Chip MacGregor

February 14, 2009

More Wisdom From Sandra Bishop


Since Chip is trying to keep his tan from fading and bleaching his hair to make us all think he's gone blond, it's probably time for me to offer a few additional thoughts.

David wrote to say, "At a conference last year, you told me you liked my writing but couldn't represent me because the timing was bad. What does that actually mean? I hear a lot of people talk about timing in publishing, but I have to admit I'm not sure what they're referencing."

David, I think I remember your submission. I think I even remember seeing your eyes glaze over when I uttered the dreaded "timing" phrase. Sorry. Rejecting material that shows promise is one of the hardest parts of this business — especially when Chip and I rail on about how important good writing is. I must have thought your writing showed promise or I wouldn't have said so. Take whatever encouragement you can from those words and keep at it.

Here's the deal regarding the "timing" comment: I only have so many hours in the day, and I simply can't take on too many projects which I know will take an extraordinary amount of time to sell. So sometimes I'm already working with a similar project, and it's the wrong time to take on another. Other times I like a project, but it smacks of something that is already out there, so the timing is all wrong. There are many facets of the job of agenting, but when it comes down to it, selling my authors' manuscripts is how I make my living, how I serve my clients, and how I keep Chip happy (well… that and occasionally telling him how young he looks).

Let me offer an example… I've been working with an author whose story is unique and haunting and charming, and who I think has a great future. I've been showing her proposal to people for six months, and have a collection of responses like, "Wow, this is beautiful, but I don't know where we'd place it on our list right now" and "I really like this, but we just acquired another book on this same topic" and "This is nice, but we recently released a similar project, so we'll have to wait and see how that one does before acquiring more in this genre." I've just about come to the conclusion that this particular manuscript may not be the one that will launch this author's career. So what do we do? We set this one aside, move forward, and try something else. And that takes an enormous amount of energy and commitment on both our parts. Also, to be quite frank, it takes up space on my mental and physical to-do list. So that decision dominoes into further rejections for other authors whose work might be worthy of representation.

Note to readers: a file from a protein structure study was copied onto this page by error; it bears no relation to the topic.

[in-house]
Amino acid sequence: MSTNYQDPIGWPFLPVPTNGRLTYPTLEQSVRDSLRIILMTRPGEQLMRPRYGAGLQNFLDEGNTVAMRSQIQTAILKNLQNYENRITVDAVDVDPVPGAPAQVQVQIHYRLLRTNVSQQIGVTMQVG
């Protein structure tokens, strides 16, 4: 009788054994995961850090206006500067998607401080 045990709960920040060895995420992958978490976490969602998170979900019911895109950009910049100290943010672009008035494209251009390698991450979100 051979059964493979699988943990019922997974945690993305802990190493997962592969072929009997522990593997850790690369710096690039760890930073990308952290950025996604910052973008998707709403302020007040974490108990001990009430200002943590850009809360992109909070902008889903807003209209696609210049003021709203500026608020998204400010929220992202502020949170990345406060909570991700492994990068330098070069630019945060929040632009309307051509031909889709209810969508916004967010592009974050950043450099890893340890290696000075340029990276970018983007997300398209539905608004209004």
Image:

It's not pretty sometimes. I often go to conferences and see good projects that I just can't take on. But that's the nature of this business — a literary agent chooses to work with a certain group of writers. I can't represent everyone, and sometimes the timing is just bad when I see a perfectly good project.

Julie wrote to ask, "How much do an agent's or editor's personal preferences matter when it comes to choosing who they will work with?"

That's a very good question, Julie. I've spent the better part of the last year deciding what kind of material I want (and don't want) to represent. And I've been working to get acquainted with editors and learn what they get excited about, what pushes their buttons, and what sends them over the edge. If you're an established author, you already know this, but if you're a newer writer who is just getting to know the publishing industry, here's a valuable tip: When you meet agents or editors, whether at conferences or over the phone, you need to keep in mind that they are not only people with a fair amount of influence, but with a lot of liberty. Most of them make very studied choices regarding the kind of material they choose to work with. There are exceptions — I know an editor who loves literary fiction but whose house simply cannot sell it. Still, for the most part you aren't going to have luck selling horror to an editor who has never read or worked on anything but historical romance. The business just doesn't work that way. And I, for one, am glad for it.

I don't do blood and guts horror — in my opinion, it's a slippery slope into darkness. I don't read erotica, which I basically regard as porn for women. I love reading children's books, but don't have a clue how to sell them. I don't handle military sagas, even though I was a Marine (been there, done that, had enough already). And I have no interest in science fiction or mystery noir. But there are plenty of other genres I do represent. And while I may still be figuring out what all I want to represent, I know what I won't read and what will fail to get my attention. I simply have to spend too much time with material to expose myself to reading stuff that doesn't interest me. (Or worse, stuff that makes me want to scream. Or run. Or both.)

An author and an agent need to match up. Not every agent you meet will be a fit for you. And you don't want an agent trying to pitch your proposal if she doesn't like it, or doesn't believe in it, or isn't enthusiastic about it. Or, worse, doesn't want to read it. Every agent has personal preferences. Finding an agent who loves your work is the way to move forward in your career.

Got a question? Send it in — I'll stick it in a bottle and send it across the Pacific to Chip. Maybe he'll spot it while snorkling off Waikiki or something.

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